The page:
Why does Kamzor Kadii Kaun have to go?

By , agencyfaqs! | In | May 16, 2002
Was it a failure of the show or was it bad timing? Or, did the show succeed in its own modest way?

After months of swinging wildly, Kamzor Kadii Kaun (KKK) will come to an end. On Tuesday, May 21, the show will air for the last time, though STAR Plus says that the show is taking its "seasonal break."

KKK, in retrospect, was the "swinging pendulum" of shows on cable and satellite television. It is one show whose TVRs fluctuated widely. The question that remains to be answered is: Did the show fail because it inherently did not suit Indian audiences, or because it came in at the wrong time? Media planners feel that it is a combination of both, but that the latter had a bigger role to play in its assessment.

Others believe the show actually won in its own modest way, but was overshadowed by the constant comparison with KBC. This is the view that STAR Plus subscribes to. "The show has been doing consistently well, and has been in the Top 50 shows on C&S. A TRP of around 3 is much better than a whole lot of shows that are on Zee and Sony," points out an official spokesperson of the channel.

KKK did come in on a weak wicket. Right after Kaun Banega Crorepati (KBC), which rewrote Indian television history. Inevitably, comparisons were made between the suave Amitabh Bachchan (host of KBC), and the acerbic Neena Gupta (host of KKK). The show was later toned down, but the comparisons persisted to the detriment of KKK.

At another level, the show did not have a fair hearing. A show like KBC is a one-off event, something that changed television history. It was futile to expect that KKK would have done the same. KBC started off with all the advantages that mirrored the weak points of KKK. In other words, KBC had the advantage of being a completely new show that debuted in a period of stagnant programming. Everything about it was new. The charismatic presence of Amitabh, the prize money, the type of questions asked.

By the time KKK debuted, Indian audiences were already jaded. Take prize money for example. While KBC offered Rs 1 crore, Zee offered Rs 10 crore in its own version Sawal Dus Crore Ka. In its turn, KKK could offer just a few lakhs. Again, Amitabh as a host always had one or another ace up his sleeve - whether a couplet from his father's poems, or just a bit of chit chat. "With KBC, there was always something to pull the audiences back. With KKK, it was like if you have seen it once, you have seen it all. Except for the specials there was no viewer compulsion," assesses a senior media planner based in Mumbai. That finally emerged as the major weakness of the show.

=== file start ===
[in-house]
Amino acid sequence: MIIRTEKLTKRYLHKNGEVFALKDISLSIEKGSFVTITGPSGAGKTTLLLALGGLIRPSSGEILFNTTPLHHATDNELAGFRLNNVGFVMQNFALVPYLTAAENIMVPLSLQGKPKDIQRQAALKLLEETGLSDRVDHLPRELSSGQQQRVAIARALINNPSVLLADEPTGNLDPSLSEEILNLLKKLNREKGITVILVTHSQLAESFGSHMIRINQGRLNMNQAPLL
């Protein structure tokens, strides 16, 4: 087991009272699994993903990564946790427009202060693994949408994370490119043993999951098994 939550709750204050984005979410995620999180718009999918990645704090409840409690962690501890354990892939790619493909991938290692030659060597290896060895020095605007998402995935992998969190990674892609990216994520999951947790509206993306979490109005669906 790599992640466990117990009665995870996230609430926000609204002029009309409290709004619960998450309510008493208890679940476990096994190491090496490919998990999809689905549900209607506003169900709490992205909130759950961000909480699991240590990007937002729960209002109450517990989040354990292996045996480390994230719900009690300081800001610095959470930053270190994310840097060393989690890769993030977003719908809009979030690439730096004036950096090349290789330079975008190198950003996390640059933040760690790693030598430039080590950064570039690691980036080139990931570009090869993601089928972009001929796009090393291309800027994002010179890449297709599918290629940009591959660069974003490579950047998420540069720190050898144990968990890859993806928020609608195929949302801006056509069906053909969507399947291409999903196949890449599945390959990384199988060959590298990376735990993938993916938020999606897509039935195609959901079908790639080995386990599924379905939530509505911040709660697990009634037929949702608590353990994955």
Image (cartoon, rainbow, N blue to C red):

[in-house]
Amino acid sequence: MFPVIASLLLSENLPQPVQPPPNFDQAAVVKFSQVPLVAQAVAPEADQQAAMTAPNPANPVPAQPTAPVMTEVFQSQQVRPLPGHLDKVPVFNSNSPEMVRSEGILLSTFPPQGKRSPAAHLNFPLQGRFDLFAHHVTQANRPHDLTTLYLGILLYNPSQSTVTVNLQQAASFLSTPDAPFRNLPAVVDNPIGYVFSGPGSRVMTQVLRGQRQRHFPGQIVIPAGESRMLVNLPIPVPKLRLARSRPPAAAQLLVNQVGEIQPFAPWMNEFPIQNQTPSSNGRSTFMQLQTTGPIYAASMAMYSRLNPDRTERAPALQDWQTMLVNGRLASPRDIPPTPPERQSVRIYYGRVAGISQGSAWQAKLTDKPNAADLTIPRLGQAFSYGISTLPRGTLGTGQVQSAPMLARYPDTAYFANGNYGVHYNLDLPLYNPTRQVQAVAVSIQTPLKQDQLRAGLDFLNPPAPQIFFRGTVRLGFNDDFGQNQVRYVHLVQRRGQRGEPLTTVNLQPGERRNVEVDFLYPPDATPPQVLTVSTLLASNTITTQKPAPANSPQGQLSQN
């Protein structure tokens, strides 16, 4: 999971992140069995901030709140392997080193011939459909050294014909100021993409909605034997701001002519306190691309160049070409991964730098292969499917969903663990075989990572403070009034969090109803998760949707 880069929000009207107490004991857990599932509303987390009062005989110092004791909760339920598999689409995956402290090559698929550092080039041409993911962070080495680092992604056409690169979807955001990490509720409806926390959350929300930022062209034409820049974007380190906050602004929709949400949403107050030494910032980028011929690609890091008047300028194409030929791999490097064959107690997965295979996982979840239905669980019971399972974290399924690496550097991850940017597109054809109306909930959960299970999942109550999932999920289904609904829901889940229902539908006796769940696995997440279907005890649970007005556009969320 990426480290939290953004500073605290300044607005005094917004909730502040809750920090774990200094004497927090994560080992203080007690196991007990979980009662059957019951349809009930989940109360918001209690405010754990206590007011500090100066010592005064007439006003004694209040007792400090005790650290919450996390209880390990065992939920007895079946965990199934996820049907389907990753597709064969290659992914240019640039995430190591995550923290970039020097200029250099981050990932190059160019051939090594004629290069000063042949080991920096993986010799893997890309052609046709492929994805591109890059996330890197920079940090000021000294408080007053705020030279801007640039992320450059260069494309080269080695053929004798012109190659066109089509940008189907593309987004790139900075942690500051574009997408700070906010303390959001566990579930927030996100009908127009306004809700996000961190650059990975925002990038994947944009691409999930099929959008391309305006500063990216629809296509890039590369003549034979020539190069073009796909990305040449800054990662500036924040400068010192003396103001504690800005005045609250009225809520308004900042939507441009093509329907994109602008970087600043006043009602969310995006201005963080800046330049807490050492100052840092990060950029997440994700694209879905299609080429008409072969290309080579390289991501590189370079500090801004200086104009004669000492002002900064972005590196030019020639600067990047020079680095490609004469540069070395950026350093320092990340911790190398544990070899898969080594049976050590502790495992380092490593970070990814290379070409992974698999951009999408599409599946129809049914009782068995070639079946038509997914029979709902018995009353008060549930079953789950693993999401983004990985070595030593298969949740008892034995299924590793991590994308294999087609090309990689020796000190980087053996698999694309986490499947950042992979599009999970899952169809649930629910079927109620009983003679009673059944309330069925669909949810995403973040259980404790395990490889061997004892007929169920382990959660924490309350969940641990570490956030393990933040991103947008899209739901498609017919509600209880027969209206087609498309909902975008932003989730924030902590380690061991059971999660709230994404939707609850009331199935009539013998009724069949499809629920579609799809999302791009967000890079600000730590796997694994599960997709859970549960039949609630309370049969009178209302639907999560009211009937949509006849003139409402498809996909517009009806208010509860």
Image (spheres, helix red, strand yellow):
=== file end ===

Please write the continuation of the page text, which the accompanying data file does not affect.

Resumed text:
The show debuted well. Pretty well, if one goes by the TRP ratings of the first two weeks of the show. According to ORG-Marg Intam ratings for all C&S homes from December 24 to December 30, 2001, the show had a TVR rating of 5.3. And according to AC Nielsen's TAM ratings for all C&S homes, between December 23 to December 29, 2001, the show had a TVR rating of 6.11. It was among the Top 10 shows on C&S television then.

The show began to flag later, with TVRs falling to around 3. STAR Plus did try to jazz up the show by bringing in celebrities. But the fluctuations did take their toll. For example, on March 5, KKK reached a TVR of 11.89, courtesy its special 'vamp' show. This was the episode that starred Indian television's most recognisable 'other' women - like Jaya Bhattacharya, Anju Mahendru, Deepshikha, Kunika, Rekha and Mandira Bedi - and was christened the Meethi Churi special. In that week, KKK stood at 17 among the Top 20 C&S shows, for an audience comprising women in the 15-44 years age band in Sec ABC homes in Hindi-speaking markets. The week before, for the same audience group, the show did not make it to the Top 20.

Thus, KKK began to depend more on the people in the show, rather than on the show itself. This was its main weakness.

Now, STAR Plus plans to replace KKK in the 9.00 pm Tuesday slot with a movie - Santosh Sivan's Asoka which will play out in a five-part series from May 28. Asoka was a box-office failure. Asoka was made on a relatively puny budget of about Rs 10.5 crore. However, collections crashed in the first week itself and some theatres in small cities and towns were 70 to 80 per cent empty in the first week itself. So is it a good idea to pin any kind of hope on a flopped film? The strategy seems to be different. "KKK was not doing well anyway. So they have nothing to lose by experimenting in the slot," points out an official from a rival channel.

STAR Plus is counting on the fact that the full movie spanning five hours - compared to the three hours that were screened in movie halls - will be shown. Analysts point out that STAR does have a strong wicket - curiosity to see what they have missed is sure to bring viewers on board, and the shortness of the series - five weeks - is a protection against flagging viewer interest. Another major advantage is that movies have consistently done well on television. "We expect the show to do well," is how STAR Plus cryptically puts it.

It will also be the first time in Indian television that a movie will be screened as a mini series. Right now, despite all this, though STAR Plus remains the undisputed leader of the C&S network, there is a vacuum in programming. Rival channels, like Zee and Sony, are hoping to capitalise on that. © 2002 agencyfaqs!

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